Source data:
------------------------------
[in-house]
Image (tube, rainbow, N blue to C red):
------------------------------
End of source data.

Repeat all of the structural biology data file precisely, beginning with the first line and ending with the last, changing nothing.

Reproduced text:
[in-house]
Image (tube, rainbow, N blue to C red):